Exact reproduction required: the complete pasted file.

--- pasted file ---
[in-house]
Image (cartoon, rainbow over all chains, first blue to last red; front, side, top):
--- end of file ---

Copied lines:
[in-house]
Image (cartoon, rainbow over all chains, first blue to last red; front, side, top):